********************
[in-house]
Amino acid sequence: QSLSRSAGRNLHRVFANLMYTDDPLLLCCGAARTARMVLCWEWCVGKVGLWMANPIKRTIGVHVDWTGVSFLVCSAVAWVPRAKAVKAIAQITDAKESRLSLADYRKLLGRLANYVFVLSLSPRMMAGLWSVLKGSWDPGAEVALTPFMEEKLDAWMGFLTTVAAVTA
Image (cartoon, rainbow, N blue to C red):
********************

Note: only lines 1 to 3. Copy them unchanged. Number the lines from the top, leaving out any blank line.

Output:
[in-house]
Amino acid sequence: QSLSRSAGRNLHRVFANLMYTDDPLLLCCGAARTARMVLCWEWCVGKVGLWMANPIKRTIGVHVDWTGVSFLVCSAVAWVPRAKAVKAIAQITDAKESRLSLADYRKLLGRLANYVFVLSLSPRMMAGLWSVLKGSWDPGAEVALTPFMEEKLDAWMGFLTTVAAVTA
Image (cartoon, rainbow, N blue to C red):